US President Donald Trump is expected to announce a pilot programme on Tuesday to roll back the country’s controversial green meters that he says are “a massive drain on our energy grid”.
The move is the latest attempt by the Trump administration to loosen the restrictions on energy usage in the US and Europe.
“It’s not a green meter, it’s a tax,” Mr Trump said on Monday.
The plan is aimed at easing pressure on households who struggle to pay for electricity at the peak of peak demand, when most people are away from their homes.
Mr Trump has argued that the green meters are a form of “government interference” in the private sector.
Since the green meter program was first rolled out in 2007, it has been a source of criticism for consumers who say the meters are unfair, and for utilities that have been accused of violating consumer rights.
In its latest report, the Department of Energy found that in the first six months of 2018, about 5.6m Americans used the green system, a slight decline from the 6.3m in the same period last year.
But the change is likely to face fierce resistance from utilities, which say the change would cost them billions of dollars in additional revenue.
Green energy use in the US is expected to rise to 8.1% in 2020, according to the Energy Information Administration.
However, in recent years, the number of green energy users has dropped from more than 10% of US homes in 2015 to around 5% in 2017.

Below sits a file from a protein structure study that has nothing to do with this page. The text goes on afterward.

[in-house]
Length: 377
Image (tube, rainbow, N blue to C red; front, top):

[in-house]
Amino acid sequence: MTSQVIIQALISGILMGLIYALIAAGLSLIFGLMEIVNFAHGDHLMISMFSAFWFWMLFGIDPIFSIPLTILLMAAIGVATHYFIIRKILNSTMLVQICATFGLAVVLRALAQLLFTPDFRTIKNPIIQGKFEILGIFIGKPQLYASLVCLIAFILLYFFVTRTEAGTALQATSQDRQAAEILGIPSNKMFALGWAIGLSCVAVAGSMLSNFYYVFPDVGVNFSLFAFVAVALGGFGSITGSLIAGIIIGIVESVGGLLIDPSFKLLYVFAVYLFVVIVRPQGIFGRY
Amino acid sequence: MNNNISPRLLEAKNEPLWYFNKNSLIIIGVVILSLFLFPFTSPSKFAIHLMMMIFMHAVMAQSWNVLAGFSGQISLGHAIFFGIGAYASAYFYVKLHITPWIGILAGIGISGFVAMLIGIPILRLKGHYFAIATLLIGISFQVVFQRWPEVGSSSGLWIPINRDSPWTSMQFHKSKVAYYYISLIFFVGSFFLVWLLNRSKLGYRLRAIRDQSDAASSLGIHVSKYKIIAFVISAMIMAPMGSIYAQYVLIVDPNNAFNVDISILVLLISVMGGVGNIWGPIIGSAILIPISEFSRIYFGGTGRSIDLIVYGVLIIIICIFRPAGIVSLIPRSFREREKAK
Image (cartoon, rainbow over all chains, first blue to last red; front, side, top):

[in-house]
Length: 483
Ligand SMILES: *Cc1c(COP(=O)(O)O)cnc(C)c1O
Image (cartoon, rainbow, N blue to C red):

According to a survey by the American Energy Alliance (AEA), about 1.5m Americans, or 12% of households, use electricity from solar and wind, a decline from more then 5.2% in 2007.
A majority of households in the country, 57% in 2019, said they did not use any form of energy-generating technology, a drop of more than 3 percentage points from earlier this year.
In 2016, more than a third of Americans were using electric vehicles (EVs) to help them meet their energy needs, according a study by the US Department of Transportation (DOT).
Mr Obama, who is in the midst of a second term, was criticised for signing an executive order in 2014 that allowed the green grid to be turned off in areas with large amounts of electric-vehicle usage.
It came after a major surge in the number and size of EV drivers in some US states.
Last year, the White House estimated that more than 7 million EVs were being used in the United States every day.
More than a quarter of the EVs were used to meet demand for electricity during peak demand periods, according the DOE.